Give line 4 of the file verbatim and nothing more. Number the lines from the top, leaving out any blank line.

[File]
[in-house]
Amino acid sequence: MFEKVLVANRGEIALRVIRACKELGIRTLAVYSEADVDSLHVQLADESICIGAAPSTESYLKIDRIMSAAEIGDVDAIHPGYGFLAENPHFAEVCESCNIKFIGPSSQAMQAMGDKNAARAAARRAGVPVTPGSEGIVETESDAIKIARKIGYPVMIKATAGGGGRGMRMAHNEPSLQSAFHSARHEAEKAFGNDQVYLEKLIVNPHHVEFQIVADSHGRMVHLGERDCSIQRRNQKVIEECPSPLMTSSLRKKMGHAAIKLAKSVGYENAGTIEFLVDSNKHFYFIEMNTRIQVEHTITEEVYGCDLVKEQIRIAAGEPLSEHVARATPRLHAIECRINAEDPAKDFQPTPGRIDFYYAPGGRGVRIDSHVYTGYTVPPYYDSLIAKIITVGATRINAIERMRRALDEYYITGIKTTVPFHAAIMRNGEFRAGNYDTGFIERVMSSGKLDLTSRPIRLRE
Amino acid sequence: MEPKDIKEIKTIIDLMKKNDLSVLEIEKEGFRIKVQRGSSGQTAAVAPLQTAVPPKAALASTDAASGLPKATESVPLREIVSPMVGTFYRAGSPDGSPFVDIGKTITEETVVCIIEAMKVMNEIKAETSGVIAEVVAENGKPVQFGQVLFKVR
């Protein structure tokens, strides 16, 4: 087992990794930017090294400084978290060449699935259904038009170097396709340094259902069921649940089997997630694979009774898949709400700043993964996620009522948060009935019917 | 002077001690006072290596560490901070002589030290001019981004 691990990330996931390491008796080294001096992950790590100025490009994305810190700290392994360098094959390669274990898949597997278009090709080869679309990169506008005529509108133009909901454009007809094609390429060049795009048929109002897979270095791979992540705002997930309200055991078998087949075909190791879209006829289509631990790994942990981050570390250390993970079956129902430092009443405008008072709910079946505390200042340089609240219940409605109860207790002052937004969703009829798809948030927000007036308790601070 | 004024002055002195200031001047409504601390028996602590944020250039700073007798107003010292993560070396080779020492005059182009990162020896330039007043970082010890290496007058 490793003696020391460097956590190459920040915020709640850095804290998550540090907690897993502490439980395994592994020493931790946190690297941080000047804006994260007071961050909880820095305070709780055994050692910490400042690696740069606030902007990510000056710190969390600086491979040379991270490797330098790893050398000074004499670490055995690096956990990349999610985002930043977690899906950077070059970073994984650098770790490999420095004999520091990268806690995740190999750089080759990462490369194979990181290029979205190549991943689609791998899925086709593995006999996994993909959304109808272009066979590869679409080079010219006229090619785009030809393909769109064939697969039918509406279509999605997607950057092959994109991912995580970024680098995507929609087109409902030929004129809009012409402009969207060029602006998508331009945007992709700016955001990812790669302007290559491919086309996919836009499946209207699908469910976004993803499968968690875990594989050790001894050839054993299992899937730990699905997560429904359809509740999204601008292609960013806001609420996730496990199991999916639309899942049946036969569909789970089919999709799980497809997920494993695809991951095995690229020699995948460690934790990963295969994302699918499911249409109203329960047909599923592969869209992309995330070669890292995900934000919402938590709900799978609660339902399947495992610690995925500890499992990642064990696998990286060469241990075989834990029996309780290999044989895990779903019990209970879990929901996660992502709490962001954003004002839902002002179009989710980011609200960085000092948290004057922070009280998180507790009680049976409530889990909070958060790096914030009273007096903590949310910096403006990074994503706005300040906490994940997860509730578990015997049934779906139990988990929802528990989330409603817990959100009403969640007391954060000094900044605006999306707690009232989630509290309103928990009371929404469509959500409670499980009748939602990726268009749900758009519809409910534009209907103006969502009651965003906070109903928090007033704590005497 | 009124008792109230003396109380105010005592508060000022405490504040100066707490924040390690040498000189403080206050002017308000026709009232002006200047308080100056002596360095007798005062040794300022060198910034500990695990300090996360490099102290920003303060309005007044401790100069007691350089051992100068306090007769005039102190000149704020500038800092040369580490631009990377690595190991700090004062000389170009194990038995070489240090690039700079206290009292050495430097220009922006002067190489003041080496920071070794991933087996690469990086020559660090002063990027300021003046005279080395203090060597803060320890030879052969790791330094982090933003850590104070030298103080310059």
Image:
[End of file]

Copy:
């Protein structure tokens, strides 16, 4: 087992990794930017090294400084978290060449699935259904038009170097396709340094259902069921649940089997997630694979009774898949709400700043993964996620009522948060009935019917 | 002077001690006072290596560490901070002589030290001019981004 691990990330996931390491008796080294001096992950790590100025490009994305810190700290392994360098094959390669274990898949597997278009090709080869679309990169506008005529509108133009909901454009007809094609390429060049795009048929109002897979270095791979992540705002997930309200055991078998087949075909190791879209006829289509631990790994942990981050570390250390993970079956129902430092009443405008008072709910079946505390200042340089609240219940409605109860207790002052937004969703009829798809948030927000007036308790601070 | 004024002055002195200031001047409504601390028996602590944020250039700073007798107003010292993560070396080779020492005059182009990162020896330039007043970082010890290496007058 490793003696020391460097956590190459920040915020709640850095804290998550540090907690897993502490439980395994592994020493931790946190690297941080000047804006994260007071961050909880820095305070709780055994050692910490400042690696740069606030902007990510000056710190969390600086491979040379991270490797330098790893050398000074004499670490055995690096956990990349999610985002930043977690899906950077070059970073994984650098770790490999420095004999520091990268806690995740190999750089080759990462490369194979990181290029979205190549991943689609791998899925086709593995006999996994993909959304109808272009066979590869679409080079010219006229090619785009030809393909769109064939697969039918509406279509999605997607950057092959994109991912995580970024680098995507929609087109409902030929004129809009012409402009969207060029602006998508331009945007992709700016955001990812790669302007290559491919086309996919836009499946209207699908469910976004993803499968968690875990594989050790001894050839054993299992899937730990699905997560429904359809509740999204601008292609960013806001609420996730496990199991999916639309899942049946036969569909789970089919999709799980497809997920494993695809991951095995690229020699995948460690934790990963295969994302699918499911249409109203329960047909599923592969869209992309995330070669890292995900934000919402938590709900799978609660339902399947495992610690995925500890499992990642064990696998990286060469241990075989834990029996309780290999044989895990779903019990209970879990929901996660992502709490962001954003004002839902002002179009989710980011609200960085000092948290004057922070009280998180507790009680049976409530889990909070958060790096914030009273007096903590949310910096403006990074994503706005300040906490994940997860509730578990015997049934779906139990988990929802528990989330409603817990959100009403969640007391954060000094900044605006999306707690009232989630509290309103928990009371929404469509959500409670499980009748939602990726268009749900758009519809409910534009209907103006969502009651965003906070109903928090007033704590005497 | 009124008792109230003396109380105010005592508060000022405490504040100066707490924040390690040498000189403080206050002017308000026709009232002006200047308080100056002596360095007798005062040794300022060198910034500990695990300090996360490099102290920003303060309005007044401790100069007691350089051992100068306090007769005039102190000149704020500038800092040369580490631009990377690595190991700090004062000389170009194990038995070489240090690039700079206290009292050495430097220009922006002067190489003041080496920071070794991933087996690469990086020559660090002063990027300021003046005279080395203090060597803060320890030879052969790791330094982090933003850590104070030298103080310059």